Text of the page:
Among the changes made were also for part of the variable components to include measures that are pegged to the welfare of average Singaporeans.

The committee wants the unemployment rate, economic growth rates, and median income growth rates of both Singaporeans and the lower-income groups to be factored in when calculating part of the office-holders' bonuses. This is the new 'National Bonus'.

Ms Peony Lim, director of commerce at Robert Walters Singapore, said this move to peg the bonuses to social welfare was a fair and positive one. 'In recent times, the focus should definitely be moved to the welfare of Singaporeans as opposed to being fixated on pure economic growth,' she said.

At the same time, she did not think the cuts would deter public-spirited individuals in the corporate sector from pursuing a career in public service at the highest levels.

'Even with the pay cuts - proposed to be aligned with market rates - it would still provide an attractive package to top-level professionals,' she said.

Agreeing, Ms Lynne Ng, regional director at Adecco South-east Asia, said it made good business sense to pay senior professionals a salary that is 'commensurate with their skills and experience'. 'However, what is also important is that the remuneration is continually reviewed and remains, as far as possible, transparent,' she said.

But some experts, such as AYP Associates managing director Annie Yap, believed the cuts were too deep.

'I thought the moves were a tad drastic. From an HR standpoint, a 30 per cent cut is huge,' she said.

She noted that CEOs and senior management of big firms such as SingTel, Keppel and DBS Bank were paid much higher than the Prime Minister, who would earn $2.2 million after the revisions.

For instance, Keppel Corp CEO Choo Chiau Beng received a package of between $11.3 million and $11.55 million in cash and shares in 2010, while the three local banks paid their CEOs between $7.48 million and $8.25 million each.

'So compared to these CEOs, the gap is huge. Even a top private banker or head of department at a local bank may earn more than a million dollars a year, beating the junior minister who runs the country,' said Ms Yap.

Still, RDS' Mr Lee said that while from a professional standpoint the revisions made sense, it will probably be difficult for the general public to accept the types of wages being talked about.

'If you factor in all the bonuses, which go up to eight months for a typical year, it still works out to more than $1 million a year for the junior minister. That is still a lot of money for the regular man in the street,' he said.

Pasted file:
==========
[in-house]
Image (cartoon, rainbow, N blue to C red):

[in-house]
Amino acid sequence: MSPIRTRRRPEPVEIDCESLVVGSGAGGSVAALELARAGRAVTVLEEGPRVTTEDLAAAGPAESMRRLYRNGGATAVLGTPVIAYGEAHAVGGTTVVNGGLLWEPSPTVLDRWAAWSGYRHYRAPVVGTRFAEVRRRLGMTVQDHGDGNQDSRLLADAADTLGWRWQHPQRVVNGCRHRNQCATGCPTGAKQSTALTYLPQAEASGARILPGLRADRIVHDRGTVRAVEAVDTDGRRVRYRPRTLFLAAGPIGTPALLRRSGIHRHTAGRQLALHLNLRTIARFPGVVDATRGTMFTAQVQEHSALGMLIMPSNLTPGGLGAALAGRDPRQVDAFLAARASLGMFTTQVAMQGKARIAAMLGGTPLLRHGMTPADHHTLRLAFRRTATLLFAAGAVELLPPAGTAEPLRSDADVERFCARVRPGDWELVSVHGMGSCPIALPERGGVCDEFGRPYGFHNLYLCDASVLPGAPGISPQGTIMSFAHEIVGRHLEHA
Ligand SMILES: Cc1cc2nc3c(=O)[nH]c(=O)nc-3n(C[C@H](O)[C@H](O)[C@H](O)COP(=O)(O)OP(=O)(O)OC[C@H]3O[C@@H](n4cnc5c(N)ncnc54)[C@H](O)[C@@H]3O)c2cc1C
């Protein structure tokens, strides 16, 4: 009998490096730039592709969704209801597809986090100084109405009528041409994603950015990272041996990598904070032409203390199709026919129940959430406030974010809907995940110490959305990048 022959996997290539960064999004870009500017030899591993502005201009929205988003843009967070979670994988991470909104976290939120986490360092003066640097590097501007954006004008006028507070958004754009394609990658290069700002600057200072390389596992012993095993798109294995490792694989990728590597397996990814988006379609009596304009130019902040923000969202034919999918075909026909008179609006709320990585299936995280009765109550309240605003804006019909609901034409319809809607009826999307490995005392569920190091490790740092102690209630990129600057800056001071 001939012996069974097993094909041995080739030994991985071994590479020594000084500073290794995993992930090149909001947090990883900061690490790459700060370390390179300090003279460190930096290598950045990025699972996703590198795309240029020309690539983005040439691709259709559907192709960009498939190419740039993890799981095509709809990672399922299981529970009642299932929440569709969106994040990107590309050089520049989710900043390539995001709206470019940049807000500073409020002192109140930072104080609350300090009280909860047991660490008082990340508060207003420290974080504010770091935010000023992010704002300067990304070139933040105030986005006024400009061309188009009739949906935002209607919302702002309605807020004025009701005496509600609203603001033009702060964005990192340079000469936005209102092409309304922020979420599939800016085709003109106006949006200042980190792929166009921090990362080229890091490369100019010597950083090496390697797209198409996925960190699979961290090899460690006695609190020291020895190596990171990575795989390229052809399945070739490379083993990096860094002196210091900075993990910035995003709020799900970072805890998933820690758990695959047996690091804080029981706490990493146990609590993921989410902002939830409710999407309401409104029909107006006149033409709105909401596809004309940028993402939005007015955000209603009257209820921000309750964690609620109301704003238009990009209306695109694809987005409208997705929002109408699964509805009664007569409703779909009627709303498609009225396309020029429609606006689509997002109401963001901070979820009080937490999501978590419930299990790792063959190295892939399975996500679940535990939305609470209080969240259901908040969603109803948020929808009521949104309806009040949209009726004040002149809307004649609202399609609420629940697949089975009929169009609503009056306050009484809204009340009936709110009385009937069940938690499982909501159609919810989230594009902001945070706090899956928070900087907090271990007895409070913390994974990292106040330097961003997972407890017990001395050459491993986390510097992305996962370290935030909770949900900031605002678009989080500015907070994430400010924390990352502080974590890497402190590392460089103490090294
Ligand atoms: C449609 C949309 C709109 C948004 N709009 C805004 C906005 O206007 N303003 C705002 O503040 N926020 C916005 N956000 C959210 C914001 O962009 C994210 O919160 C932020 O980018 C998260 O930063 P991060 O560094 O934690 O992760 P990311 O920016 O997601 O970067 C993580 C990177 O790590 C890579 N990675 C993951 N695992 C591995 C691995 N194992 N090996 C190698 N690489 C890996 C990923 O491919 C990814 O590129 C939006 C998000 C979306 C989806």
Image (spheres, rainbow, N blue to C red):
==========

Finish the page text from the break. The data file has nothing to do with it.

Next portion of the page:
A job well done but ...
Some areas such as transparency and lack of long-term bonuses bear further review
By Mak Yuen Teen, TODAY, 5 Jan 2012

The Committee to Review Ministerial Salaries has attempted to address the design flaws in the current system of setting ministerial salaries and, in my view, it has done a commendable job undertaking an unenviable task.

The approach is thoughtful and rational, and I agree with most of the recommendations. However, there are some issues that need to be thought through more carefully: Namely, whether the formula can be simplified further, the new salary benchmark, performance evaluation, the lack of long-term performance bonuses and the need for transparency.


The current approach is an odd combination of flawed private sector pay practices and outdated public sector pay practices. In the private sector, benchmarking pay to peers in the industry is common. Senior executives can earn performance bonuses significantly higher than their base salaries based on key performance indicators (KPIs) such as profit growth.

These practices were imported into the current system of setting ministerial pay and implemented in a questionable manner, due to the choice of a small "peer group" of the 48 most highly paid professionals in six professions, very aggressive potential short-term bonuses which can theoretically add up to a maximum of 22 months of salary, and the use of a single and "noisy" national performance indicator of annual gross domestic product growth.

The current approach also includes elements of outdated public sector pay practices, in particular, guaranteed lifelong pensions and pay linked more to job titles or seniority than actual job responsibilities - such that the President and Speaker are paid handsomely largely because of their position in the hierarchy.

The committee's across-the-board review of political salaries has resulted in cuts in all political salaries. The system's key principles are essentially unchanged: Salaries must be competitive so people of the right calibre are not deterred, the ethos of political service entails making sacrifices hence a discount in the pay formula; and there should be a "clean wage" with no hidden perks.

I have no problem with the key principles and believe that proposed changes in the salary formula, salary benchmark, salary discount, KPIs and pay components (including the elimination of pensions) are significant improvements to the current system.


Some issues, however, warrant further thought. Let's start with the proposed revised salary formula for ministers, which is: Annual Salary = Fixed (13 months) + Annual Variable Component (AVC) (typically 1 month) + Individual Performance Bonus (typically 3 months for good performance) + National Bonus (typically three months if targets are met).

This translates to an annual salary equal to 20 months in a typical year.

The committee could perhaps have considered doing away with the 13th month "bonus" (annual wage supplement) as it is an outdated salary component. Since it is guaranteed, it should be incorporated into the base salary.